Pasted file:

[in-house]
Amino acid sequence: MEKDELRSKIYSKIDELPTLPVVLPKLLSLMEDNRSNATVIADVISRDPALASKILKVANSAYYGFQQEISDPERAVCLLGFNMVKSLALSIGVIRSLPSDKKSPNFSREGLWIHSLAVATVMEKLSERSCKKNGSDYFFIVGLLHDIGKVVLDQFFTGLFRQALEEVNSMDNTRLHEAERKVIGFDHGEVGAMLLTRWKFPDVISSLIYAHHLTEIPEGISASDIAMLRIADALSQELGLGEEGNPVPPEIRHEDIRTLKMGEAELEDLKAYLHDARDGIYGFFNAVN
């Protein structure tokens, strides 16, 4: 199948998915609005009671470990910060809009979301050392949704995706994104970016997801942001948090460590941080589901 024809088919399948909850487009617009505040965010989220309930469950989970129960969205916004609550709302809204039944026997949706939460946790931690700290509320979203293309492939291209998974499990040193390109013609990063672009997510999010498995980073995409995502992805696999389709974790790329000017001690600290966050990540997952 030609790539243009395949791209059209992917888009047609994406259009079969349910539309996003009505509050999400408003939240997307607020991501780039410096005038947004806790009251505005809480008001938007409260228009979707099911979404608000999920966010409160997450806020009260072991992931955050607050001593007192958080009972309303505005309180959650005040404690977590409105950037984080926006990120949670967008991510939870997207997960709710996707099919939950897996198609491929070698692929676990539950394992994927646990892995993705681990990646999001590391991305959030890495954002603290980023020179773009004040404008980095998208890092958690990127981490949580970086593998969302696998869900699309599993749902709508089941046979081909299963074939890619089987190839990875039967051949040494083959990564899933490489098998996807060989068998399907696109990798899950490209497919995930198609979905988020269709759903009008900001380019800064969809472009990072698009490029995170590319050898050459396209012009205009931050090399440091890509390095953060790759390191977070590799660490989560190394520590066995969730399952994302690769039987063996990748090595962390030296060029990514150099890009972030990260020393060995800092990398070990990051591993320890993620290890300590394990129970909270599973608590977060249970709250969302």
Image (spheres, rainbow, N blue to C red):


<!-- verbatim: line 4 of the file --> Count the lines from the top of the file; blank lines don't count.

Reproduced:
Image (spheres, rainbow, N blue to C red):